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Projections for the production of enzymes of industrial interest by Humphreya coffeata

World Yeast Congress
May 14-15, 2018 | Montreal, Canada

L Carmona Saldarriaga and L Marín Palacio

EAFIT University, Colombia

Scientific Tracks Abstracts : Arch Ind Biotechnol

Abstract:

Mushrooms have been widely studied for their production of extracellular enzymes with lignindegrading ability. Enzymes are biological catalysts of great importance at cellular level, but also, they are of great interest at industrial level since they are key for certain reactions to occur, as they increase the rate of reactions without changing the equilibrium. Typically, enzymes are produced during fermentation processes of microorganism. However, low efficiencies and high costs are usually associated with their production. Therefore, bioprospecting for new microorganism for the production of enzymes is an important topic of research. In particular, the basidiomycete Humphreya coffeata, a native white-rot fungus found in Colombia, has not been largely explored for its ability to produce biologically active metabolites. Given the natural growth conditions of this fungus, it is likely that lignindegradative enzymes are produced, such as: pectinases, amylases, laccases and cellulases. With this project, we aim at exploring the ability of H. coffeata to produce these four lignin-degradative enzymes under submerged fermentation conditions. First, the effect on fungal biomass and enzymatic production were assessed using two different flasks geometries and four different growth media, according to literature reports. Fungal biomass production was measured by dry weight, while enzymatic activity was determined using specific protocols depending on the kind of enzyme that wanted to be evaluated. In general, the enzymatic extract of each medium was added to a substrate solution, depending on the evaluated enzyme and either change in viscosity or absorbance values were recorded. The results of these evaluations showed that the geometry of the flask did not affect enzymatic production. On the other hand, greater enzymatic activities were found for pectinases and cellulases than for amylases and laccases. In fact, for the latter enzyme, we have not been able to determine the enzymatic activity under submerged fermentation; even after evaluating the addition of different waste/by-products of food industry to the culture media. However, we found that when adding ABTS-like inductor under solid fermentation conditions, some degradation occurred, suggesting that laccases were produced.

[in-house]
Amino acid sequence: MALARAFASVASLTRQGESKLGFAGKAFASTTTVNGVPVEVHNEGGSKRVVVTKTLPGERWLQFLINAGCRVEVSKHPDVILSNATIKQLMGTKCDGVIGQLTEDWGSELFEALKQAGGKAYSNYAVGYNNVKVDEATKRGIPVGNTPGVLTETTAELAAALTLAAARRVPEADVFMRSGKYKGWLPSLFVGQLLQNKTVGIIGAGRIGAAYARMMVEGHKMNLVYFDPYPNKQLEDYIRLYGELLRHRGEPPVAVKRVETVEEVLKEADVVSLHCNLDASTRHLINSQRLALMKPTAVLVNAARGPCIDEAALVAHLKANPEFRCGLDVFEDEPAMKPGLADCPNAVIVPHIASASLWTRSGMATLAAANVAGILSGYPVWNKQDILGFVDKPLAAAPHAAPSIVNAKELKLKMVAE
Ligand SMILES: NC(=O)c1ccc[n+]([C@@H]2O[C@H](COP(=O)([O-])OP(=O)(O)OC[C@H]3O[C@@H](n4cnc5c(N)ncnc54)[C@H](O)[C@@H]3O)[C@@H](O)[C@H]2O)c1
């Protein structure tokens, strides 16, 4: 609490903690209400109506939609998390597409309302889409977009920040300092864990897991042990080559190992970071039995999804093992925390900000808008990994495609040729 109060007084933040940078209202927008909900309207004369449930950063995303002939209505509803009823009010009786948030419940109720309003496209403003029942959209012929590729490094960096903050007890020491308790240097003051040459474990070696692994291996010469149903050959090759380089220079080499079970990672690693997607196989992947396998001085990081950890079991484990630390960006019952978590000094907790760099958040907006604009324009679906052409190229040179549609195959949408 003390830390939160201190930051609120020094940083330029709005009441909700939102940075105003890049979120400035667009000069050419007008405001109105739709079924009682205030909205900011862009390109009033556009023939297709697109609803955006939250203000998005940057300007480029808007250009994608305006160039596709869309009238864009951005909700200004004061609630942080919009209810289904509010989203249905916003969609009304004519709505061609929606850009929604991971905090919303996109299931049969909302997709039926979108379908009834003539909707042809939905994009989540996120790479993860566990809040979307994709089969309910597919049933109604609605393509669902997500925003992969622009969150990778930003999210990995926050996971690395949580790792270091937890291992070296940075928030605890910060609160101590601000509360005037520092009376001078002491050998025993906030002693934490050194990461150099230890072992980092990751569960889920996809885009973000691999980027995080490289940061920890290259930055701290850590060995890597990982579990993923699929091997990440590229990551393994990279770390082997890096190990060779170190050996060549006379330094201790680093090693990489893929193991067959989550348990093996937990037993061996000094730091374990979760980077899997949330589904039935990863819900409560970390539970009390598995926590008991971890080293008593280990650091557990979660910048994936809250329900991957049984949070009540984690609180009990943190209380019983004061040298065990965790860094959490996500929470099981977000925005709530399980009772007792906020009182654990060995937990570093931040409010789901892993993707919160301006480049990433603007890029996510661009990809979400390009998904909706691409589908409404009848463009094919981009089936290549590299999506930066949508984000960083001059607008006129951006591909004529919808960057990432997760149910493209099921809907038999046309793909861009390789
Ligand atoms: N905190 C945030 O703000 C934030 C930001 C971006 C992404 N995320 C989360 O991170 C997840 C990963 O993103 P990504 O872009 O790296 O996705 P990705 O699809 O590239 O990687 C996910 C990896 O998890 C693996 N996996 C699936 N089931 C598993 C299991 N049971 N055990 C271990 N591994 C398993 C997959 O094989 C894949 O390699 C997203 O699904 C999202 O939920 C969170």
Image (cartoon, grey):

Biography:

L Carmona Saldarriaga has completed her under graduation in Process Engineering from Universidad EAFIT, Medellin, Colombia. Currently, she is pursuing her Master’s Degree in Engineering and Bioprocesses at the same institution. She enjoys doing research and has worked on several projects at the University, such as: establishing the working conditions for the production of a biopolymer from Auerobasidium pullulans. She received an award at COLAEIQ Conference in 2016. Other projects she has worked on are mainly related to other areas such as: biotechnology, materials and chemical processes. Currently, she is an Assistant Researcher for the company Cementos Argos S.A.S, at the Alternative Materials Department.
Email: [email protected]

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